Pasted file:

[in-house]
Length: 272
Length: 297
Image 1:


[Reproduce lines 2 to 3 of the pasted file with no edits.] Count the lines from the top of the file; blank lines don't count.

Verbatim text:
Length: 272
Length: 297